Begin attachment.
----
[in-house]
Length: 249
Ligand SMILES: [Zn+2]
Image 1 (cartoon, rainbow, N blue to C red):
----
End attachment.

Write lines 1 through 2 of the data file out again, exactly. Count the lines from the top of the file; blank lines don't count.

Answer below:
[in-house]
Length: 249